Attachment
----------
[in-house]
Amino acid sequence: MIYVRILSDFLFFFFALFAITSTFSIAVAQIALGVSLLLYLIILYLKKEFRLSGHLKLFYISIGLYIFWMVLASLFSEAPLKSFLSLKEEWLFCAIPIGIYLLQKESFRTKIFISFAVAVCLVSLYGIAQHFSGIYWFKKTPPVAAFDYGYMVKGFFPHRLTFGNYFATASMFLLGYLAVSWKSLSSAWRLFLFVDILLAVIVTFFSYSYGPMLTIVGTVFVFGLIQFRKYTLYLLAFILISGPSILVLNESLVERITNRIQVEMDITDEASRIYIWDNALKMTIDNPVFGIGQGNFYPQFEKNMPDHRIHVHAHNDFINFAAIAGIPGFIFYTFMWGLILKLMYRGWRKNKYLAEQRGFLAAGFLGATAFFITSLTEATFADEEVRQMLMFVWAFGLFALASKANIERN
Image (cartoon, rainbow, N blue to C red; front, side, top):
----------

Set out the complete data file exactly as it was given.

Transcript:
[in-house]
Amino acid sequence: MIYVRILSDFLFFFFALFAITSTFSIAVAQIALGVSLLLYLIILYLKKEFRLSGHLKLFYISIGLYIFWMVLASLFSEAPLKSFLSLKEEWLFCAIPIGIYLLQKESFRTKIFISFAVAVCLVSLYGIAQHFSGIYWFKKTPPVAAFDYGYMVKGFFPHRLTFGNYFATASMFLLGYLAVSWKSLSSAWRLFLFVDILLAVIVTFFSYSYGPMLTIVGTVFVFGLIQFRKYTLYLLAFILISGPSILVLNESLVERITNRIQVEMDITDEASRIYIWDNALKMTIDNPVFGIGQGNFYPQFEKNMPDHRIHVHAHNDFINFAAIAGIPGFIFYTFMWGLILKLMYRGWRKNKYLAEQRGFLAAGFLGATAFFITSLTEATFADEEVRQMLMFVWAFGLFALASKANIERN
Image (cartoon, rainbow, N blue to C red; front, side, top):